NEW ORLEANS — About to be overrun by Germans, a young black lieutenant called in an artillery barrage on his own position, knowing he'd be killed. It was the only way to hold off the enemy.
The sacrifice by 1st Lt. John Fox is one of many endured by the 100,000 African-American service members during World War II and is now the focus of an exhibit at the National World War II Museum in New Orleans.
Titled "Fighting for the Right to Fight: The African American Experience in WWII," the exhibit runs from July 4 through May 30, 2016. It describes discrimination before and after the war as well as in the military during World War II.
The exhibit also includes an original 8 1/2 -minute video about the famed Tuskegee Airmen and video interviews with 10 veterans, including Rothacker (ROTH-uh-ker) Smith of Huntsville, Alabama who served in the 366th Infantry Regiment.
A Seventh-Day Adventist and conscientious objector to combat, Smith — serving in the same segregated 92nd Infantry Division to which Fox also belonged — was drafted and became a medic. Often Smith was the only African-American on the bus back from town to Camp Stewart, Georgia, on Saturday nights. He remembers being made to sit in the baggage compartment behind the back seats.
Smith was stationed in southern Italy, where his unit guarded airfields, one of many noncombat jobs to which black troops were relegated. But the war's heavy death toll eventually sent more African-American troops into combat. Smith was assigned to a machine-gun nest in Sommocolonia, Italy, where Fox was a forward observer directing fire for one of the 366th's artillery units.
By that time, ammunition was running so short in Italy that it was rationed, said John H. Morrow, a University of Georgia history professor and co-chair of the national advisory committee that drew up plans for the exhibit. Smith said that when the sergeant in charge of the machine gun crew called on Christmas Day for a barrage on German artillery, he was told, "We can't fire until tomorrow morning because we used up our 16 rounds for today."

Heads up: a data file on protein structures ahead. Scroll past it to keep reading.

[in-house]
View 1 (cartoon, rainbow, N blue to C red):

The morning of Dec. 26, 1944, a German mortar shell hit the window of the stone house where the machine-gunners and Smith were holed up. Smith was hit in several places, including his right hip, elbow, upper back and cheek. He used his teeth and left hand to bandage the sergeant, who was more severely injured.
Later in the day, as the Germans pressed their attack toward Fox, he made the ultimate sacrifice: he called in artillery fire right on his own position.
Smith knew, from their location, that the guns were American.
"But I didn't know the significance of it until 50 years later," he said.
Smith was captured and taken prisoner by the Germans until his release April 29, 1945. Unlike many POWs, he said, he was able to keep all his clothes because they were bloodstained and full of holes. He has donated his long-sleeved, blood-soaked undershirt to the museum.
After helping to defeat the tyranny of Nazi Germany and its allies, black soldiers returned home, expecting a more tolerant nation. Most were deeply disappointed.
"Segregation was still the law of the land, and racism was alive and well," the museum's website says. "For many African American veterans, that disappointment became determination to create change. They fought against segregation and discrimination with the same sense of purpose that had defeated the Axis."
It is no coincidence, the exhibit points out, that many leading figures of the civil rights movements of the 1950s and 1960s were veterans, including Medgar Evers, who became one of Mississippi's most active civil rights leaders.
In 1995, Smith returned to Sommocolonia with his sons. They saw a memory garden listing the names of Italians killed on the day he was wounded and one American name: Lt. John Fox.
Fox was among seven African Americans awarded the Medal of Honor in 1997 for service during World War II, after President Bill Clinton ordered an investigation of why blacks had not been getting the medal. Five of those medals were loaned to the exhibit, curator Eric Rivet said.
"It's the first time they've been together since they were awarded in 1997," Rivet said.